The History of Dental Implants
Through every age of man, there has been evidence of attempting dental restoration. Modern dentistry has far exceeded these historic attempts in health, comfort and range of function, but many notes from our past has been observed and taken into consideration. Dentistry has advanced greatly in the past century, with an even larger step forward due to the addition and success of dental implants. With the placement of a dental implant, a patient is permanently restoring a missing tooth, in a firmly stabilized way that does not rely on neighboring teeth for support. As implants have increased in popularity, patients are finding more and more that they no longer have to be embarrassed of their smile, or stop eating the foods they love. Implants have brought a freedom to many patients, freedom to chew, speak, and feel confidant in social situations because they have their teeth.
Early Dental Implants
The earliest attempt at a dental implant that we are aware of is from more than 4000 years ago in Ancient China, where there is evidence of using bamboo pegs to replace missing teeth. Archeologists have also observed human remains from across the ages with metal and shell used for the same purpose. What’s more, scientists observed that the bone with embedded shell had actually begun to grow around the shell, making it a somewhat functional restoration. Though we would not recommend bamboo or shell, modern dentistry agrees that missing teeth can be a significant problem that can and should be resolved for the overall health of the patient.
Modern Day Implants
As dentists began to attempt implants in the early 20th century, the biggest question was what material to use. A variety of metals were used in the attempt for successful implantation. They wanted a metal that would be strong, durable, biocompatible, and be able to stay firmly in place. In 1940 there was a breakthrough, titanium was used for implants, first in rabbits, and found that they not only stayed in place, but that after healing, they were very difficult to remove. This is because a process known as osseointegration has occurred.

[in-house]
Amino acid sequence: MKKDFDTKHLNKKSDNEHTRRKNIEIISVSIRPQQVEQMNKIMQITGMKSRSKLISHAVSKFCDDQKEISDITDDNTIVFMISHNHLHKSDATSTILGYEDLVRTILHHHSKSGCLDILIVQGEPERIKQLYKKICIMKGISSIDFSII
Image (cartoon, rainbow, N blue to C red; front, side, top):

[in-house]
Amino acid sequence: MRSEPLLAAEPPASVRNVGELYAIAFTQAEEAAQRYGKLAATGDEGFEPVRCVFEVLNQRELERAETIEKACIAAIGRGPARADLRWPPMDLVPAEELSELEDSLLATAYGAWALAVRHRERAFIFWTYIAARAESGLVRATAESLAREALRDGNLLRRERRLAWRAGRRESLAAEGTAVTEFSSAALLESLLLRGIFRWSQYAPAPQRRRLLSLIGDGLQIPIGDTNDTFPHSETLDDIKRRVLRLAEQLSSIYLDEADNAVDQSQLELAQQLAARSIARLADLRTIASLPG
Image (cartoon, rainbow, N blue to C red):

Osseointegration is a term that refers to being taken in by the bone. Doctors found that titanium was light weight, strong, it was a metal that the human body did not reject, and that the living tissue was willing to grow and heal around it, fusing the metal to the bone. Once this fusion took place, the metal rod was a permanent part of the body, allowing the patient a strong base for a dental restoration appliance.
The First Titanium Implants
It wouldn't be until 1965 that scientist, Per-Ingvar Brånemark, attempted the first titanium implant procedure in a human. As more and more success was observed, doctors were able to determine proper placement, the various sizes needed, and develop treatment plans for patients depending on their needs. Today, dental implants has become the dental restoration of choice when a single or multiple teeth are missing. Once the implant has healed, there are a variety of restoration options available, from the placement of a crown, a dental bridge, or even to stabilize an entire denture. The possibilities are vast. Dental implants are known for having the longest success rate in dental restorations, and provide patients with the closest look, feel, and function of their own natural teeth.